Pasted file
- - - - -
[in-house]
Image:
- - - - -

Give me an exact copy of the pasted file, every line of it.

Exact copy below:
[in-house]
Image: